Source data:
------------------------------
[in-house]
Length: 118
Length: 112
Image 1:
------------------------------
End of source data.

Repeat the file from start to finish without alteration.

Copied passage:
[in-house]
Length: 118
Length: 112
Image 1: